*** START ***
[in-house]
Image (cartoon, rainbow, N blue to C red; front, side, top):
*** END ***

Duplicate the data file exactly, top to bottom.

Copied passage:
[in-house]
Image (cartoon, rainbow, N blue to C red; front, side, top):